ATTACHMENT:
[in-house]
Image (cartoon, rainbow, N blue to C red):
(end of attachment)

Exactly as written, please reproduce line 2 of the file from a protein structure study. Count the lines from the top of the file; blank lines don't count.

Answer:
Image (cartoon, rainbow, N blue to C red):